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SCC bags £91m deal after contract to support HMRC system initially set at £85m
Take a hike
SCC, a UK-based tech services and reselling dynasty, has won a five-year contract extension with UK tax collector HMRC worth £91m for IT software and services.
According to a contract award notice from December last year, the five-year extension to a relationship that began in 2016 would be awarded for £85m. Perhaps SCC did some last-minute negotiations. We've invited Her Majesty's Revenue and Customs to explain the valuation.
The award, apparently made without competition, is set to see SCC provide software licences and support services in partnership with IBM to keep the Declaration Management Service (DMS) system up and running.
With the option of an additional two years, the contract purports to offer updated licences for requirements and additional modules and professional services in support of the development of Customs Declaration Processing.
In a pre-canned statement, Richard Reader, head of public sector at SCC, said the products and services provided are supposed to "help this critical Government department evolve its digital strategy."
It's been a busy few weeks in the IT market for Britain's tax collection agency. HMRC signed IBM for a 15-month, £11m contract to help exit three data centres by June 2022, under the banner of Securing Our Technical Future.
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- Key pillar in the UK's border control upgrade programme 'lacks a systems integrator'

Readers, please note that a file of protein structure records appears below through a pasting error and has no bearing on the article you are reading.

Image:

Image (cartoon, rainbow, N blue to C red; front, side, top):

- HMRC tool for measuring IR35 status is so great, employers are ditching it in their droves
Also this month, IT consultancy and services biz Capgemini signed a £51m agreement to continue supporting UK tax systems first created under a contract HMRC was planning to replace since 2015. The French firm was awarded the three-year deal to support HMRC's Enterprise Tax Management Platform (ETMP) and Enterprise Operations (EOPS) Run & Associated Change Services as a sole supplier under a single lot, according to a contract award notice. It began work to build and support the systems under the controversial £10bn Aspire contract, a joint venture between Capgemini, Fujitsu, and HMRC first agreed in 2004.
Other deals include an award of up to £7.9m to Fujitsu for pre-production environment web solutions and application development, and Softcat was awarded a deal worth up to £20m for a Microsoft Azure reseller agreement. ®